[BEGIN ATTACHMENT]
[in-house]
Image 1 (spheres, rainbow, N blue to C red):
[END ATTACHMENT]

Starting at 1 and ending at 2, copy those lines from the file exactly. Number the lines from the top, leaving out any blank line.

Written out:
[in-house]
Image 1 (spheres, rainbow, N blue to C red):